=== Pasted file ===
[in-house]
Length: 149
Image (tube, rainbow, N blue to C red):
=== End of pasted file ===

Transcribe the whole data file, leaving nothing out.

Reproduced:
[in-house]
Length: 149
Image (tube, rainbow, N blue to C red):